Filed: Sunday, 13th May 2012
By: Terry Land
To much excitement my ticket came through the post this morning and for the first time in 31 years I’m off to Wembley with West Ham.
Although we journeyed together to Cardiff’s excellent Millennium Stadium for three consecutive years between 2004 and 2006, the League Cup final in 1981 was of a different football age. That match against Liverpool was the Hammers' third visit to Wembley in two seasons following an FA Cup win against Arsenal and Charity Shield defeat to the same Anfield outfit.
That was then… My ticket last time West Ham visited Wembley
As an example of the different prevailing attitudes our then manager the late John Lyall (by every account a decent man) stole the next day’s headlines after he told referee Clive Thomas (a deliberately controversial referee) he’d felt “cheated” by a decision to allow an Alan Kennedy goal despite Sammy Lee lying in an offside position and interfering with play.
Not a season ticket holder at the time I’d had the presence of mind to claim tickets prior to the semi-final against Coventry via the Sunday league club I played for and unfortunately my dad and I were placed in the Liverpool end. As we watched Ray Stewart slide an injury-time extra-time equalising penalty past Ray Clemence I don’t think I would have bet on it taking over three decades for a return. I certainly wouldn’t have had any idea of the changes in the game I love in the interim. For a start it was another six years until play-offs came into being and not until 1990 were the finals played at Wembley. Even despite the present slight fluttering in my stomach which I know will slowly grow until peaking at dysenteric level some time next Saturday I believe play-offs to be inherently unfair.
Having played 46 games to decide an order of merit it is entirely perverse sides should then enter into a cup competition for promotion. As an example, my team benefited in 2005 from beating first Ipswich then Preston to gain promotion despite finishing sixth. Conversely this year’s final pits us against Blackpool, a team we beat 4-0 and 4-1 in the league. Perhaps there might be a justification if say, the top six sides played-off. But third to sixth seems arbitrary at best. The “reward” of finishing second in the table is less than our day out in Cardiff and doesn’t have the possibility of a trophy. Surely natural justice would legislate against the game of football rewarding failure in such spectacular fashion? But no, play-offs have been deemed a success by TV, and the hundreds of millions spent on Wembley need to be justified, so the FA collectively tug their forelock before counting the cash.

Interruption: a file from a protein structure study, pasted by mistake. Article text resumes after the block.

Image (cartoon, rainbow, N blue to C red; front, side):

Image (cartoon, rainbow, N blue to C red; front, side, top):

And let’s be absolutely clear about this, the flood of TV money since the second Taylor Report post-Hillsborough has done little for the game. Financial rewards are the highest they have ever been yet because of the huge disparity in reward between placings there has never been more debt – the Premier League alone loses close to half a billion pounds each season. Driven by the insatiable desire of supporters, clubs leverage themselves in order to grab the next rung on the ladder. So prevalent has the borrowing become any club remiss enough to keep a grip on finance is all but guaranteed a slide down the leagues – witness the recent demise of “well-run” clubs Charlton and Crewe. We are constantly told the play-off final is the “biggest prize in football” as if fans measure success in the folding stuff. The claim is of course nonsense either way – far from banking the money, boardrooms will immediately spend it on the wages of players needed to keep the side at their new level.